Home-grown innovation will lead to improved health in Northern Ontario communities

Published: November 29, 2017


Northern Ontario families will benefit from improved detection of disease-causing bacteria in local lakes and waterways as a result of a Government of Canada investment of $1 million. The FedNor funding will enable the Northern Ontario School of Medicine (NOSM) and its industry partner, Discover Air Fire Services, to develop innovative camera technology to quickly and accurately identify toxic blue-green algae (also known as cyanobacteria), one of Northern Ontario’s major environmental issues impacting human health.

“Today’s announcement demonstrates confidence in our organization and the work we do,” said Dr. Roger Strasser, Dean and CEO, Northern Ontario School of Medicine of the Nov. 24 announcement.

“Our strong partnership with Discovery Air Fire Services will ensure that the remote sensing technology is adequately tested, refined and subsequently commercialized. We welcome and appreciate FedNor’s continued support—support that allows us to collaborate with our partners as we work together towards the Northern Ontario School of Medicine’s vision of Innovative education and research for a healthier North.”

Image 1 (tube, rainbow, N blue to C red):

The three-year “Remote Sensing: Waterway Algae Identification” project will help test the use of specially developed sensors merged with existing camera technology mounted on aircraft to produce real-time results on algae contamination in water-bodies via waterway flyovers.

Founded in 2005, NOSM committed to the education of high quality physicians and health professionals, and to international recognition as a leader in distributed, learning-centered, community-engaged education and research. The research initiatives developed in partnership with NOSM are internationally recognized and supported by competitive, peer-reviewed funding awarded on the basis of scientific excellence.

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